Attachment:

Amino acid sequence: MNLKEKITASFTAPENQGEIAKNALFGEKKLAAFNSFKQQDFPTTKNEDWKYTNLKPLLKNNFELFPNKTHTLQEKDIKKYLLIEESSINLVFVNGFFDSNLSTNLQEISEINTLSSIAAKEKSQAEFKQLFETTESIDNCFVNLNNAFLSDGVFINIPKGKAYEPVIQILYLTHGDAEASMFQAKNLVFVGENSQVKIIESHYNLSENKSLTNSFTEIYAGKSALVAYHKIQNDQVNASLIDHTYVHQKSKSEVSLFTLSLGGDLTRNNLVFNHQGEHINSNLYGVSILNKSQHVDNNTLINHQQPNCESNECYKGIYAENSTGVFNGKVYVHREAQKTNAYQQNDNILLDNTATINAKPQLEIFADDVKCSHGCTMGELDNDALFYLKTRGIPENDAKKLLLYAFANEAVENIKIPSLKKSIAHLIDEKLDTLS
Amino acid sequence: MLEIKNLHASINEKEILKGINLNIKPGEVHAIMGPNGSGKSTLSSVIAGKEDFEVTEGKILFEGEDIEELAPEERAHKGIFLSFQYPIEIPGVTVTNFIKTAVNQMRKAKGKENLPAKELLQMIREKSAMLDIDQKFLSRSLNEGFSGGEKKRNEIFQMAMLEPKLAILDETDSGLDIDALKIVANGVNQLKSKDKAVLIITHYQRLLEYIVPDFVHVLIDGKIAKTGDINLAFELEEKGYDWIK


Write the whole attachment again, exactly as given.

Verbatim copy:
Amino acid sequence: MNLKEKITASFTAPENQGEIAKNALFGEKKLAAFNSFKQQDFPTTKNEDWKYTNLKPLLKNNFELFPNKTHTLQEKDIKKYLLIEESSINLVFVNGFFDSNLSTNLQEISEINTLSSIAAKEKSQAEFKQLFETTESIDNCFVNLNNAFLSDGVFINIPKGKAYEPVIQILYLTHGDAEASMFQAKNLVFVGENSQVKIIESHYNLSENKSLTNSFTEIYAGKSALVAYHKIQNDQVNASLIDHTYVHQKSKSEVSLFTLSLGGDLTRNNLVFNHQGEHINSNLYGVSILNKSQHVDNNTLINHQQPNCESNECYKGIYAENSTGVFNGKVYVHREAQKTNAYQQNDNILLDNTATINAKPQLEIFADDVKCSHGCTMGELDNDALFYLKTRGIPENDAKKLLLYAFANEAVENIKIPSLKKSIAHLIDEKLDTLS
Amino acid sequence: MLEIKNLHASINEKEILKGINLNIKPGEVHAIMGPNGSGKSTLSSVIAGKEDFEVTEGKILFEGEDIEELAPEERAHKGIFLSFQYPIEIPGVTVTNFIKTAVNQMRKAKGKENLPAKELLQMIREKSAMLDIDQKFLSRSLNEGFSGGEKKRNEIFQMAMLEPKLAILDETDSGLDIDALKIVANGVNQLKSKDKAVLIITHYQRLLEYIVPDFVHVLIDGKIAKTGDINLAFELEEKGYDWIK